Following a hot and dry summer with lots of corn flea beetles, cold temperatures descended on Illinois this past winter. As a result, flea beetle survival and the threat of early season Stewart's wilt is expected to be low. Erwinia stewartii, the bacterium that causes Stewart's wilt, survives the winter in the gut of the corn flea beetle. Survival of the corn flea beetle is dependent on winter temperatures. Using the average temperature of December, January, and February, the potential of Stewart's wilt can be predicted (Table 2). The average temperature of December, January, and February fluctuates around the temperature for freezing and is easier to understand than the sum of average temperatures for December, January, and February. The average temperature for these 3 months predicts the potential for flea beetle injury and Stewart's wilt.
Stewart's wilt is spread in the spring as corn flea beetles feed on and infect seedling corn plants. The bacterium can spread systemically throughout the plant. Stewart's wilt has two phases: the seedling wilt phase and the leaf blight phase. The seedling wilt stage occurs when seedlings become infected at or before the V5 stage. The growing point is easily infected; eventually the seedling wilts and dies. Infections of older plants usually result in the development of the leaf blight phase of Stewart's wilt. This phase is characterized by long, yellow to chlorotic streaks, with wavy margins along the leaves. Although most commercial field corn hybrids are resistant to Stewart's wilt, the disease is still a concern for susceptible seed corn inbreds and sweet corn hybrids.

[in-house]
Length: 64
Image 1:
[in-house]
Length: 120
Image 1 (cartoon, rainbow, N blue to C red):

Based on the recent winter temperatures from the Midwestern Climate Center, estimates of early season Stewart's wilt are shown in Table 3. Little flea beetle activity is expected throughout much of Illinois. As is typical, a mild winter in southern Illinois has set the stage for the threat of Stewart's wilt. Remember, however, that these are only predictions; numbers of surviving corn flea beetles are not known. More information on the corn flea beetle and Stewart's wilt will follow as the growing season progresses.--Kelly Cook